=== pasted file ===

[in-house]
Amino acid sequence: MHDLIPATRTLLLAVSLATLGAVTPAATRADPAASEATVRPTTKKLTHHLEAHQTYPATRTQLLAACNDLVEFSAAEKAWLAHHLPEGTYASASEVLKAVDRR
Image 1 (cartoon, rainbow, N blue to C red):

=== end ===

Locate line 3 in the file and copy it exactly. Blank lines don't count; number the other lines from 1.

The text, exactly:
Image 1 (cartoon, rainbow, N blue to C red):